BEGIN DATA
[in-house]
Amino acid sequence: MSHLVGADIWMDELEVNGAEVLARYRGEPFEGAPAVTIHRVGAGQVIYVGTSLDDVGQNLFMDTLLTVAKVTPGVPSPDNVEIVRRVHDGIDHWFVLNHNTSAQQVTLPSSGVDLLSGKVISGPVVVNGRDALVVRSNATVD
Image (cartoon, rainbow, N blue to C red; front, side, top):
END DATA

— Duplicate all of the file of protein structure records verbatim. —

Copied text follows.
[in-house]
Amino acid sequence: MSHLVGADIWMDELEVNGAEVLARYRGEPFEGAPAVTIHRVGAGQVIYVGTSLDDVGQNLFMDTLLTVAKVTPGVPSPDNVEIVRRVHDGIDHWFVLNHNTSAQQVTLPSSGVDLLSGKVISGPVVVNGRDALVVRSNATVD
Image (cartoon, rainbow, N blue to C red; front, side, top):